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IR35 reforms: NHS revises stance on contractor tax status assessments

National Health Service’s U-turn over IR35 assessments could prompt other public sector bodies to follow suit, say experts

An NHS watchdog has admitted to mistakes in its interpretation of how the IR35 status of off-payroll workers should be assessed, giving rise to concern that some contractor engagements may have been incorrectly classified.

NHS Improvement, which oversees the work of various NHS trusts and care providers, made the admission in a guidance document, in which it confirmed inaccuracies in its initial interpretation of the IR35 assessment procedures.

The new-look IR35 regulations came into force on 6 April, and – for the first time – saw responsibility for deciding how off-payroll public sector workers should be taxed pass to their contracting organisations.

Previously, it was up to contractors to self-declare if their public sector engagements meant they should be taxed in the same way as salaried workers (inside IR35) or as off-payroll staff (outside IR35).

According to the NHS Improvement guidance, the organisation previously held the view that many of the contractors supplying services to the health service before 6 April should be considered inside IR35.

“We anticipated that providers would need to ensure that all locum agency and bank staff were subject to PAYE and on-payroll for the new financial year. This was not accurate,” the guidance document said.

The organisation now concedes that the blanket approach to classification is incorrect, and each engagement should have been assessed in a “fact-specific way” and on a “case-by-case basis”.

Fair and accurate

Accordingly, it is urging NHS providers to revise their approach to IR35 classifications to ensure they are conducted in fair and accurate way.

“NHS providers, and all others categorised as public authorities, will need to consider whether or not an individual in their particular situation is self-employed when they determine the application of the IR35 rules in that case,” the guidance said.

“This consideration must be conducted fairly, accurately and take into account all relevant factors, including representations which may be provided by the individual.”

Computer Weekly understands that although the official line from HM Revenue & Customs (HMRC) is that all public sector organisations should be taking a case-by-case approach to IR35 status declarations, in the rush to meet the 6 April deadline, not all have done so.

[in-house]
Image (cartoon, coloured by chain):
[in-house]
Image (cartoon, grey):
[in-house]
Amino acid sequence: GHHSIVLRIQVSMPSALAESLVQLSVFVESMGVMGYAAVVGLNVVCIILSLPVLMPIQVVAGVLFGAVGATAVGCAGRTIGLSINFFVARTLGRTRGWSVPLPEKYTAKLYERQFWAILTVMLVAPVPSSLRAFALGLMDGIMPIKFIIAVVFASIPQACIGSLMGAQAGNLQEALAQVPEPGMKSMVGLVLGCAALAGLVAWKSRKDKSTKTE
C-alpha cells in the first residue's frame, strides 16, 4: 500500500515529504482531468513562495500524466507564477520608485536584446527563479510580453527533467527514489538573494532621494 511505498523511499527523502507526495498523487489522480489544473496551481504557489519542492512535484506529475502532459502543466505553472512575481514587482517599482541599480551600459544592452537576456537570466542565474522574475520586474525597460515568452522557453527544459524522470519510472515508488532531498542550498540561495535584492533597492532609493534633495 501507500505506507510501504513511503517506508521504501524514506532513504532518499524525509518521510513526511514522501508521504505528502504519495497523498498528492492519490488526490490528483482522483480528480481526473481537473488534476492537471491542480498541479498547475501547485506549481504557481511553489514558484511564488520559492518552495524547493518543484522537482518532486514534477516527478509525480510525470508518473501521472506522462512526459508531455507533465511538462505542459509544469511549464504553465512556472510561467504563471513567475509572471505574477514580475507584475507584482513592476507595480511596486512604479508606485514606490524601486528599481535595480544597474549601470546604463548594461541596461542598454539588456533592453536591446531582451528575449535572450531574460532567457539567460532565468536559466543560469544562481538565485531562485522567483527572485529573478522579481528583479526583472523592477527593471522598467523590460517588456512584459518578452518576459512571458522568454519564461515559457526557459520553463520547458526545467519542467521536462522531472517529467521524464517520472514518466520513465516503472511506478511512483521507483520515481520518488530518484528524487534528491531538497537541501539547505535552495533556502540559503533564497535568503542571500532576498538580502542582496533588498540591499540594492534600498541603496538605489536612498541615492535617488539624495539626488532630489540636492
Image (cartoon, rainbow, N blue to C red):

Indeed, the UK Hydrographic Office reportedly adopted a blanket approach to IR35 classifications in the summer of 2016, months before the IR35 reforms came into play, prompting a mass walkout of IT contractors.

Motivation for change

It is currently unclear what prompted NHS Improvement to issue its revised guidance on IR35. However, in the lead-up to 6 April, concerns were raised by the General Medical Council about the patient safety implications of off-payroll locums and nurses leaving the health service over the IR35 changes.

Dave Chaplin, CEO and founder of advisory firm ContractorCalculator, said the NHS’s U-turn on the matter could indicate that its blanket stance on IR35 has created a brain drain.

“Many public sector firms have discovered that blanket rules have had a huge negative impact, and highly skilled contractors have been either leaving the public sector in droves, or have cost the public sector more to keep contractors and locums on,” said Chaplin.

“The IR35 reforms have been tantamount to a massive extra tax on the NHS and have led to utter chaos.”

The NHS Improvement document concludes by acknowledging the additional administrative burden that taking a case-by-case approach to IR35 classifications is likely to have on NHS organisations, but said it expects all to comply because of the cost implications.

Read more about IR35

“Failure to comply with the updated legislation in relation to IR35, and correctly assess the worker contract and/or notify the third-party agency of determination, could result in providers being liable to pay the equivalent PAYE deductions to HMRC,” the document said.

“In addition, inaccurate assessments of individual circumstances could lead to unnecessary cost, time and expense, and this should be avoided.”

The fact that an organisation the size of the NHS has seen fit to revise its IR35 guidance may prompt others to rethink how they assess contractors, said Seb Maley, CEO of tax advisers Qdos Contractor.

“It is great news for all public sector contractors and the public sector itself,” he said. “Prior to the recent reform, a staggering 85% of contractors said they would stop working in the public sector should they be placed inside IR35. And contractors are vital components of all major public sector projects, particularly the NHS.”

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